Co-captain Moneymaker's solid scores in tough rotations help Bruins.
On Super Sunday, it wasn't a running back, receiver or quarterback that deserved the MVP title.
That honor goes to Heidi Moneymaker.
In a John Wooden Center quad meet that included No. 15 University of Washington, No. 22 University of Maryland and UC Santa Barbara, co-captain Moneymaker led the UCLA women's gymnastics team (6-2) to an inspirational victory, winning the all-around title.
"Right now, she's holding the team together," said head coach Valorie Kondos.
It would seem that way, as the three-time All-American was the only constant in a Bruin team that, at times, seemed to be coming apart at the seams.
The Bruins racked up 192.350 points to UW's 191.475, capping a gutty comeback after trailing when headed into the third rotation, 144.000-143.625.
What was billed as a quadruple meet among the four schools may as well have been a simple tussle for Pac-10 dominance, with The Terrapins and Gauchos turning into also-rans behind the Huskies and Bruins, who fought it out in a seesaw battle for the top spot.
The meet got off to a good start for the Bruins, who hit difficult vaults to get the crowd into the meet early. All six Bruins hit vaults, with Moneymaker and teammate Lena Degteva doing so to the tune of thunderous applause from the crowd. With her 9.85, Moneymaker would run away with the event title.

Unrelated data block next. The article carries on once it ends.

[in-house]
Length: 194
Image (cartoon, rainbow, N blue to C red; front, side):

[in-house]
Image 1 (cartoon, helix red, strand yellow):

In the second rotation came the first of the two killer B's of gymnastics - the bars and beam.
Oddly, it was the freshman who seemed to perform on the bars with the most aplomb, while the veterans were plagued with lapses in concentration. Following freshman Valerie Velasco's clean routine, senior Susie Erickson failed to grip the bar after a release move, landing on her stomach. Then junior Lena Degteva suffered the same mistake and result.
But then came Moneymaker. With a Tkatchev that flew several feet above the high bar and a picture perfect landing, the NCAA 1998 bars champion righted the shaky Bruin ship, again earning top event honors with a 9.875.
The third rotation was the most dramatic, however. Senior and fan favorite Kiralee Hayashi, suffering from the flu, fell during a double back handspring and then bobbled a simpler move. Both times, she continued, until she attempted a back tuck straddle down. Hayashi landed off center, hitting her stomach on the beam and then rolling off. Kondos made it clear to the judges that Hayashi would not continue, and led her off the floor, where she vomited.
Moneymaker got the Bruins back on track with a gorgeous beam routine that would give her one more event title, but the damage to UCLA's score was done. The Bruins trailed by three hundreths of a point entering the final rotation.
Then, something happened - UCLA got mad.
"They got mad that they didn't do well on the beam," said Kondos. "When they get mad, no one can stop them."
In an amazing display of heart and determination, the Bruins owned the floor routine. A highlight came when freshman Kaitie Dyson, who had never before performed a full floor set, had to take Hayashi's spot. She went out and performed brilliantly.
The only one who could stop Moneymaker from sweeping the event titles was teammate Allison Stoner, who took home the floor title.